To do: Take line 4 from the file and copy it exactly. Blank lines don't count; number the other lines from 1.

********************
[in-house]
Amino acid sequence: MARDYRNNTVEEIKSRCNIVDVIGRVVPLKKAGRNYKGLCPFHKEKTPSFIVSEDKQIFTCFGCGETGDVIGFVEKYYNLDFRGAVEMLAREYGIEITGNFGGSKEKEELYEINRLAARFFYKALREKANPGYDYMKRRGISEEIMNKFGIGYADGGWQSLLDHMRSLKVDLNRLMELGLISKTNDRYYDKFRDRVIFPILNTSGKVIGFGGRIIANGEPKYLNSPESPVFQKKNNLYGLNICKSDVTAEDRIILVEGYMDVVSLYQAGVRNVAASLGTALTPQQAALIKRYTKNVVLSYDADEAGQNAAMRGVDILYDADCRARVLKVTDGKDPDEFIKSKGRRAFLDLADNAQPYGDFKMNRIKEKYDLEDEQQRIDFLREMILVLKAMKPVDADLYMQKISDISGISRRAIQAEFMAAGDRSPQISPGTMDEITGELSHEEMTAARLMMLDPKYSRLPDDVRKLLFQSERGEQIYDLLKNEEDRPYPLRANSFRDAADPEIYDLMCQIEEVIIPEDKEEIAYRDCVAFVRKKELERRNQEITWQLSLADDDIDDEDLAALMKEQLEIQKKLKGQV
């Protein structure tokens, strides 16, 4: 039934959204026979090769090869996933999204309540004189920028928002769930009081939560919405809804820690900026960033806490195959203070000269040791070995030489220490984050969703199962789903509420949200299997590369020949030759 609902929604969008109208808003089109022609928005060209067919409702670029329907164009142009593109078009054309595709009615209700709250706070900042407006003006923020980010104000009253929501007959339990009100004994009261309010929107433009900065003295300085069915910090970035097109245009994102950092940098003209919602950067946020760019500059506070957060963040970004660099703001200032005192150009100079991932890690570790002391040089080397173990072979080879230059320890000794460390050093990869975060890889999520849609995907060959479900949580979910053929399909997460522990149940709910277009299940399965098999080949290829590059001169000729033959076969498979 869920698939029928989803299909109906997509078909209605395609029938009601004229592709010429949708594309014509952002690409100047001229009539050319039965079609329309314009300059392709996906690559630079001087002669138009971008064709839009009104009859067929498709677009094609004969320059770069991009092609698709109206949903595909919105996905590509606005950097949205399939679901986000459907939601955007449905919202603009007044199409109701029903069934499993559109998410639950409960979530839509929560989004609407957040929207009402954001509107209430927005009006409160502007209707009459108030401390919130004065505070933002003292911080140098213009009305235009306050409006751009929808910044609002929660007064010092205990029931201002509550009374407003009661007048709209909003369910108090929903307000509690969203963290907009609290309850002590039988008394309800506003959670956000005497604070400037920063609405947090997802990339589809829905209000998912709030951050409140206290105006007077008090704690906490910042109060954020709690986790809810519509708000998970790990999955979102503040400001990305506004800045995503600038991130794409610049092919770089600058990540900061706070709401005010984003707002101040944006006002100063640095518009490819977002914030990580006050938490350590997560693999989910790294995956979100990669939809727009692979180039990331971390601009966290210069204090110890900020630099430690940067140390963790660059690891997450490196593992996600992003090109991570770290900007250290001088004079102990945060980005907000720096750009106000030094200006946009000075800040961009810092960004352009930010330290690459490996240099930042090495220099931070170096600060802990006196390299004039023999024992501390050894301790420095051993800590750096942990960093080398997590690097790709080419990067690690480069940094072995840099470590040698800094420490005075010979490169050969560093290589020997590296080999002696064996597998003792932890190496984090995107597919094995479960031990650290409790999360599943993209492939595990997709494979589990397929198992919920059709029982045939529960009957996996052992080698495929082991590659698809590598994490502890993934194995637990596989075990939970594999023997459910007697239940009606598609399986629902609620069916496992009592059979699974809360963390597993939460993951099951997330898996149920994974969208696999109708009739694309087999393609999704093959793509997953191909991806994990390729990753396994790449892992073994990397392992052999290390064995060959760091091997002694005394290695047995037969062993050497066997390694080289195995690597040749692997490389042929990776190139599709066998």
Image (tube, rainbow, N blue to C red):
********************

Image (tube, rainbow, N blue to C red):